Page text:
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Electronic properties news, May 2022

Flexible patch gives wounds the signal to heal

flexible electrical patch based on a hydrogel impregnated with antibacterial silver nanowires speeds up wound healing

Researchers have shown that knot theory can be used to understand the behavior of electrons in quantum materials such as topological magnets.

Researchers have discovered that superconductivity can be intertwined in unexpected ways with ripples of electrons known as charge density waves.

Using multiple supercomputers, researchers have discovered that 90% of all known crystalline structures contain at least one topological property.

Splitting electron spins in magnetic material

Renewable hydrogen production using perovskites

Invention could lead to renewable energy being stored and moved around

Researchers have shown that electric currents can flow along a topological insulator nanowire more easily in one direction than the other.

A unique ‘stroboscopic camera' has captured the trajectory of atomic motion as vanadium dioxide transitions from an insulator to a metal.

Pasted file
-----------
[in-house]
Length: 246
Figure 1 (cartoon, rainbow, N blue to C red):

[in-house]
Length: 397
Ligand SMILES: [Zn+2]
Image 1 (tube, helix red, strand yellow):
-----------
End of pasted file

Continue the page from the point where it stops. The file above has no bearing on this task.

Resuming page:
Researchers have invented a novel device known as a ‘catalytic condenser’ that can electronically modify one metal to behave like another.

Researchers have uncovered the previously hidden sub-nanoscale origins of the exceptional thermoelectric properties of silver gallium telluride.

Researchers have combined scanning probe microscopy with machine learning to study the functional properties of materials at the nanoscale.

Researchers have discovered a novel strategy for using an antiferromagnet to switch the magnetization in thin layers of a ferromagnet.

Researchers have created a new qubit platform for quantum computing by trapping a single electron in a frozen neon gas.

Researchers have designed a catalyst of ruthenium atoms in a mesh of copper nanowires to extract ammonia and fertilizer from wastewater.

Researchers have developed a 'throttle' for accelerating light-based hybrid particles known as polaritons to nearly the speed of light.

Researchers have discovered layered 2D materials able to host magnetic features called skyrmions that remain stable at room temperature.

3D-printed, deformable electrodes and separators based on nanocellulose are promising for stretchable Li-ion batteries

Researchers have devised a treatment process that allows them to heat nanocellulose paper to make it superconducting without damaging its structure.

Using a thin film of piezoelectric material, researchers have created a paper-thin loudspeaker that can turn any surface into an active audio source.

New glass-in-glass fabrication process

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